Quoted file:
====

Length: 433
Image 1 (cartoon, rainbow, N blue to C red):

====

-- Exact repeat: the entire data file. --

Length: 433
Image 1 (cartoon, rainbow, N blue to C red):